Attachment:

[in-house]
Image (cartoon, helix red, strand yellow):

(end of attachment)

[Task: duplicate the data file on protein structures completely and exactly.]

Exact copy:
[in-house]
Image (cartoon, helix red, strand yellow):